Parent’s Guide to Internet Safety

 
With statistics like: “1 in 5 children are sexually solicited/approached over the Internet in a one-year period of time” and “20% of violent offenders service in state prisons reported having victimized a child” this obviously is not something that (we) parents’ should take lightly! 
The Perfect Victim
 
  •  
    • Ideal Age: 11-14
    • No or Little Parental Involvement
    • No Definite Bedtime
    • Can be Away from Home Without Anyone Knowing Where They are
    • Has Exclusive Use of the Computer Privately
Unfortunately, your child can easily & freely register their name, email/chat address, birthdays etc. on a variety of websites.  Check to see if your children are already listed with: AllTheWeb, AnyBirthday, Google, MSN, MyFamily, Yahoo!, ZabaSearch & ZoomInfo.
 
This video demonstration from Netsmartz dramatically illustrates how vulnerable our children are when chatting online. Our kids use an online chat language that is meant to be quick (who wants to type) AND of course, to confuse (us) parents. 
Parents Internet Access Guidelines 
  1. Place the computer in a central location in the home, not in your child’s room.
  2. Learn who your children are chatting with online
  3. Your existing rule “Don’t talk to strangers” needs to now include “online strangers!”
  4. Learn and use the same chatting and search tools used by your kids. (Besides, chatting can be fun for adults too!)
  5. Define and make an agreement with your child about computer usage: hours, access to chat revealing personal information & photographs.
  6. While you can configure Microsoft’s Content Advisor, do not rely solely on this to block/filter content. There are 3rd Party Parental Controls available; and thankfully this problem was addressed in the Windows Vista.
  7. Let your child know that telling you about unwanted or suspicious chatting will NOT lead to restrictions on using the computer. YOU (the parent) need to take this seriously and either contact the CyberTipline or your police department.
  8. Be aware that your kids have access to computers at school, library and friends’ homes.
  9. Read the Electronic Frontier Foundation’s “The Bloggers’ FAQ on Student Blogging,” which addresses legal issues arising from student blogging. It focuses on blogging by high school (and middle school) students, but also contains information for college students.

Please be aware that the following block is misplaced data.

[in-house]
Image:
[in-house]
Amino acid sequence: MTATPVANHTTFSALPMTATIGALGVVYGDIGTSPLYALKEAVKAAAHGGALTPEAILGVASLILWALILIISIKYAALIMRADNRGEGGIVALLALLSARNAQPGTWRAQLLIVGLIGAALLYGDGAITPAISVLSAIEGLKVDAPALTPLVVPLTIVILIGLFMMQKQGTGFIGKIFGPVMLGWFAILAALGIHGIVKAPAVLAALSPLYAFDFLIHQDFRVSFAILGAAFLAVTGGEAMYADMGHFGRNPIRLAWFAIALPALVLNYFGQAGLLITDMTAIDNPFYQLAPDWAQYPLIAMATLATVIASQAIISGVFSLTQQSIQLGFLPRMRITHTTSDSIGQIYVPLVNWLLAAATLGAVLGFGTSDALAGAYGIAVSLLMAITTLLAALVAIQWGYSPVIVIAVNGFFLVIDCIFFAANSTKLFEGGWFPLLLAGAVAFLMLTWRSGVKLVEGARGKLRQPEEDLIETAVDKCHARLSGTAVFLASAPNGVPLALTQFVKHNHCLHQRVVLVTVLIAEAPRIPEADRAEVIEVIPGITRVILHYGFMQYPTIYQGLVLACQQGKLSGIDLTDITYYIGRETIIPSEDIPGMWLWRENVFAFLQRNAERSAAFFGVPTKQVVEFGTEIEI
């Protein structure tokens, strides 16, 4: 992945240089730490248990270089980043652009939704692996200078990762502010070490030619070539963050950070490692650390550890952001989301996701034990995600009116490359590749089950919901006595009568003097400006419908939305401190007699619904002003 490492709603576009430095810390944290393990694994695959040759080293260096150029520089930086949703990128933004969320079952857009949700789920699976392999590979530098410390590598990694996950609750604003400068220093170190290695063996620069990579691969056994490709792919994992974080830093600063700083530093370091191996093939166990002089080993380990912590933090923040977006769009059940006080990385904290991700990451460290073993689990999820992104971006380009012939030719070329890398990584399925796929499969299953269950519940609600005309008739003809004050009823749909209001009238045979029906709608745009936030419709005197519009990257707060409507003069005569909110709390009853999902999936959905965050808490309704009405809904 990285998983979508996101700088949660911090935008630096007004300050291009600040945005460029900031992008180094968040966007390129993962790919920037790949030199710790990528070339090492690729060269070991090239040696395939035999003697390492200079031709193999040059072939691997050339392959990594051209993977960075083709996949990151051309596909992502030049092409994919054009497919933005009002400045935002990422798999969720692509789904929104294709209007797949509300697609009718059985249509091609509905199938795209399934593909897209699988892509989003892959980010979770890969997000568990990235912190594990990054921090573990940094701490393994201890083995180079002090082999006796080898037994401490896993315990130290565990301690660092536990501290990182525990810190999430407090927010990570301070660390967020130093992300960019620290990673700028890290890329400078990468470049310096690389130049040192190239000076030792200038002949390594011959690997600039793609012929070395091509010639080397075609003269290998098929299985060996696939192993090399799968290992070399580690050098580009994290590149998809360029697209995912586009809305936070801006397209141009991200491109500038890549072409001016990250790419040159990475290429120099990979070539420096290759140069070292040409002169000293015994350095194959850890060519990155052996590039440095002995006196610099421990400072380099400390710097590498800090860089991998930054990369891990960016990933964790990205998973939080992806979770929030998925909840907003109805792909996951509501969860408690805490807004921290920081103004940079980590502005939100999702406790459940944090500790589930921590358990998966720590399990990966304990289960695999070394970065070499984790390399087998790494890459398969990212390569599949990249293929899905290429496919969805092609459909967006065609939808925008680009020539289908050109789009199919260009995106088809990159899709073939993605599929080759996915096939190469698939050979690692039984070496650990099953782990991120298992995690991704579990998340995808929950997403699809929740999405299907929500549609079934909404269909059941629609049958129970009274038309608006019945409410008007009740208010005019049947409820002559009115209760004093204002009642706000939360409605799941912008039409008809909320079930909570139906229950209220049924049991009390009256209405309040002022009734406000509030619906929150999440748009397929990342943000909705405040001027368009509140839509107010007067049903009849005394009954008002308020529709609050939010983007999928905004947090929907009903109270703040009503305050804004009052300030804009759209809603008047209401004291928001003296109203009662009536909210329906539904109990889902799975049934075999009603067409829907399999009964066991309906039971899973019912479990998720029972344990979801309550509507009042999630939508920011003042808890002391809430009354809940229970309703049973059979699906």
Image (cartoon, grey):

The National Center for Missing & Exploited Children has additional safety tips for families with elementary-school-aged and teen-aged children using computer online services.
 
 
Additional Microsoft Resources:
 
 
Resources invaluable to this article:
i-SAFE extends education beyond the classroom with Community Outreach. We have programs for students, educators, parents, law enforcement, and community leaders.
 
Laura Chappell’s Kids Project provides educational resources and presentation materials to parents and leaders for regionalized delivery of Internet Safety for Kids presentations.
The NetSmartz Workshop is an interactive, educational safety resource that teaches kids and teens how to stay safer on the Internet. NetSmartz combines the newest technologies available and the most current information to create high-impact educational activities that are well received by even the most tech-savvy kids.
 
Perverted-Justice.com recruits volunteer contributors who pose as underage children in chatrooms. Posing from a variety of ages (standard ages are 10-15), these contributors simply go into chatrooms with fake online screennames and wait for predators to instigate conversation with them.
 
When you’re ready – take the Internet Safety Quiz for Adults
  

About blakehandler

BLAKE was a Microsoft MVP and award winning programmer with over 20+ years experience providing complete Windows and networking support for small to medium sized businesses. BLAKE is also Jazz Musician and Instructor for residential clients on the Los Angeles West Side.
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One Response to Parent’s Guide to Internet Safety

  1. Pingback: Myth vs. Fact: Is the Online World More Dangerous Than the Real World? | The Road to Know Where

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